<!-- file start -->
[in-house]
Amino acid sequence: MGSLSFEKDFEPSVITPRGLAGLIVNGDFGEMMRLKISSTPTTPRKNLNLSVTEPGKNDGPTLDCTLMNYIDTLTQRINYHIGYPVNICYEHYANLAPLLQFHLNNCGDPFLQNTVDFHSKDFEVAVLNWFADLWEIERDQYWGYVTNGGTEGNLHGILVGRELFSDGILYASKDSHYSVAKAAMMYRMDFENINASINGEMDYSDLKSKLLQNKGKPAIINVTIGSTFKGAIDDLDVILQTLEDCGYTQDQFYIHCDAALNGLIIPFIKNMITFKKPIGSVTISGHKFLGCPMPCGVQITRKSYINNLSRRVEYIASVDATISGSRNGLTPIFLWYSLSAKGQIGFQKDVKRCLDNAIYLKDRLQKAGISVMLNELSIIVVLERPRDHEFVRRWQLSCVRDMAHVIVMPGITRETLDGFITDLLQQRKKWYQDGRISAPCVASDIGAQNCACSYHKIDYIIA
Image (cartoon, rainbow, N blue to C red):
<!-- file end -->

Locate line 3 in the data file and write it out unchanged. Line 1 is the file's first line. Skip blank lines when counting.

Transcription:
Image (cartoon, rainbow, N blue to C red):